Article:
- Faith & Family
Black youth expected to pack South Beach
City of Miami Beach Police Chief Ray Martinez and Assistant Chief Mark Overton were the speakers at a popular Miami Beach restaurant, David’s Café, for this week’s Tuesday Morning Breakfast Club gathering. The topic of the day was Urban Beach Weekend and what City officials plan to do to end the legacy of carousing, fist fights, police standoffs and shootings that have marred the Memorial Day festivities for most of its 12-year history.
Over 200,000 people, if not more, are expected to flood the entertainment district of South Beach from May 25 – 28 and safety is of paramount concern. Since 2001, more and more young adults have come to Miami Beach, anxious to participate in numerous street festivities and private club parties. And while every year has not resulted in excessive violence, last year added another black mark to the controversial event when a driver going the wrong way was shot and killed and three officers were injured on Collins Avenue. Beach residents began to mount protests calling for an end to Urban Beach Weekend. However, many businesses who make a ton of money on tourists and locals alike have said they need the weekend to go on.
Ending the chaos
Hip-hop parties and concerts attract huge numbers of urban, Black youth to the Beach along with a lot of drinking but the real problem is traffic and crowd control. This year, with the Miami Heat’s Dwyane Wade lending a hand as the official spokesperson and poster boy, along with teammate and Miami native Udonis Haslem, the Miami Beach Major Events Plan [MEP] has a new initiative in place. It calls for changes that include: more lighting; license plate scanners that will identify vehicles whose owners have outstanding warrants or other significant violations; changes in traffic patterns; DUI checkpoints; and the rerouting of cars back across the causeways once parking garages are filled.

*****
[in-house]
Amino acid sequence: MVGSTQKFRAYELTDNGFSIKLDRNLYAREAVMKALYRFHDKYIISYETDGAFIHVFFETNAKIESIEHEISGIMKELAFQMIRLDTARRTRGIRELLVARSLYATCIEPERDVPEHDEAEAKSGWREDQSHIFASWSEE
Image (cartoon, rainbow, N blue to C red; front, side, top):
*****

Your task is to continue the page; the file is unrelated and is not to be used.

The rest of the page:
Hip-hop parties and concerts attract huge
numbers of urban, Black youth to the Beach.
“The City’s focus is on managing the volume of visitors that comes to our City over such a short period of time and mitigating the impact of that volume,” said Hilda Fernandez, assistant city manager. “Our campaign this year is called ‘Respect the Scene’ and was launched during [this year’s] spring break. It asks our visitors to respect the City that makes it possible for them to have a good time. The four basic points: don’t litter; don’t drink in public [keep alcoholic drinks inside, it’s the law); keep noise to a minimum; and no glass bottles on the beach.”
According to the plan, Ocean Drive will once again be closed to vehicles and accessible only by pedestrians.
Enhanced police presence will be utilized during high impact periods with Miami Beach officers joined by other agencies. Again, their focus will be crowd control, traffic management and the enforcement of open-container laws.
“All our staff is on alpha/bravo and our personnel is assigned different hours on bicycles, all-terrain, marked and unmarked vehicles to optimize efficiency and productivity,” Martinez said. “The plan aims at balancing residents’ needs and safety issues.”
Charles Byrd, 58, now lives in Orlando. But during the tenure of former Miami Beach Mayor David Dermer [his third and final term began in September 2005], Byrd was a member of the Miami Beach Black Host Committee; he also once worked for the City of Miami and the Beacon Council as an economic developer.
“Urban Beach Weekend is not just an event that attracts one race – it’s much more than a Black event,” he said. “You have urban youth and urban professionals who enjoy the many activities and drinking alcohol is just part of the demographics. It comes with the partying and the music. Along the way because of different episodes of violence, Urban Beach Weekend has developed a bad reputation and that is really a shame. The people are going to come though and so local politicians and the police need to maintain open communication so that crime and violence are kept at a minimum. I am hoping that we won’t see a repeat of last year.”
By D. Kevin McNeir